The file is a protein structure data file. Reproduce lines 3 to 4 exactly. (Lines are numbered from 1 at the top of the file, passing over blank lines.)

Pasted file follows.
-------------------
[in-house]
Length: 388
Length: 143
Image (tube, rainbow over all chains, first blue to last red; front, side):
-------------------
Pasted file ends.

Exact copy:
Length: 143
Image (tube, rainbow over all chains, first blue to last red; front, side):